Edwards on the Christian Life by Dane C. Ortlund

Ortlund EdwardsOrtlund, Dane C. Edwards on the Christian Life: Alive to the Beauty of God. Wheaton: Crossway Books, 2014. 208 pp.  $18.99.  Purchase at Westminster Books or for Kindle for less.


Dane Ortlund is senior vice president for Bible publishing at Crossway. He serves as an editor for the Knowing the Bible series and the Short Studies in Biblical Theology series, and is the author of several of books. He lives with his wife, Stacey, and their four kids in Wheaton, Illinois.


Divided into thirteen chapters over 200 pages, Ortlund offers a treatise on how Edwards’s view of God’s beauty affected how he viewed everything about God.  The first chapter lays the foundation for how Edwards saw God’s beauty as the theme by which he organized all of his theology. From there, Ortlund organized the rest of the work in a seeming chronological, albeit theological, manner from new birth to sanctification to glorification.

Chapter two looks at the new birth while three through five offer views of what is commonly called fruit of the Spirit (Gal. 5:22-23) in love, joy, and gentleness.  Chapter six looks at Scripture while the next few get practical as Ortlund explains the beauty of Edwards’s thoughts on prayer, obedience, and the pilgrimage of Christian in this world.

He wraps up with chapters on Satan, man (the soul), and Heaven before concluding with a look at four criticisms of Edwards.


This may be the closest I have ever personally come to reading a systematic treatment of Jonathan Edwards’s theology. To that end, I was enamored with what was written and how it all influenced most every aspect of Jonathan’s life. Furthermore, it was evident how Edwards’s view of beauty has influenced the likes of John Piper (and, consequently, anyone influenced by Piper!).

This work was an easy and quick read though you will definitely want to be able to read it slowly in parts. You will also want to read with a pen in hand as you will underline and take notes throughout the book. What is more, you will be grateful for the bibliography as you will want to investigate Edwards’s thoughts further on some of the topics.

Finally, perhaps the best thing that can be said about a book that is not the Bible is that it drives you into the Bible to study and know and seek to either agree more or disagree completely. In the end, you will find that your knowledge of God is enhanced because Ortlund places Edwards’s thought exactly where it was originated…in the mind of God as found in His revealed text, the Bible.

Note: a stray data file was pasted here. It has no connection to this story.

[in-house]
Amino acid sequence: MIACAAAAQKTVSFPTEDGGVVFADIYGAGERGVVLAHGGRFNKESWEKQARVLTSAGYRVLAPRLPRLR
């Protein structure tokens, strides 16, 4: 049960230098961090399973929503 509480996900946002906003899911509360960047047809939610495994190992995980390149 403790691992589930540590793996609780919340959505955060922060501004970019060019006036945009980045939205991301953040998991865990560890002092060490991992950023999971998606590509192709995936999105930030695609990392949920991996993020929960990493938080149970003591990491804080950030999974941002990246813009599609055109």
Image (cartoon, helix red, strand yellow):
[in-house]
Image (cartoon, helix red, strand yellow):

Fans of Jonathan Edwards will love this work. Those who only know of Jonathan Edwards as the preacher of Sinners in the Hands of an Angry God will be fascinated to know what made Edwards long for genuine revival and that was the beauty of God and His creation.  I heartily recommend this work to all.

The Heresy of Orthodoxy by Kostenberger and Kruger

Heresy of OrthodoxyKostenberger, Andreas J. and Michael J. Kruger. The Heresy of Orthodoxy: How Contemporary Culture’s Fascination with Diversity has Reshaped our Understanding of Early Christianity. Wheaton: Crossway Books, 2010. $19.99.  Purchase at Amazon and for Kindle for less.


Andreas Kostenberger is professor of New Testament at Southeastern Baptist Theological Seminary and has written a number of books. Micheal Kruger is President and Samuel C. Patterson Professor of New Testament and Early Christianity at Reformed Theological Seminary. HE blogs at Canon Fodder.


Divided into three parts, the authors begin with a look at the origins of the New Testament and how today’s understanding of diversity and pluralism are impacting our view on early Christian tradition.

The second part traces the development of the New Testament Canon.  Here they spend three chapters explaining the historical evidence as understood by the historical time and place of the actual occurrences of the formation of the Bible.

The third part explains how the Bible was copied through the years before the printing press and now, the digital age.  Throughout this section, they offer an apologetic for a right understanding of textual criticism and the importance of ones presuppositions.